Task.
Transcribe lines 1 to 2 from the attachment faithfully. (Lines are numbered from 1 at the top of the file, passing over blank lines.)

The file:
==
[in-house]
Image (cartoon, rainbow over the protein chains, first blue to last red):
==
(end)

[in-house]
Image (cartoon, rainbow over the protein chains, first blue to last red):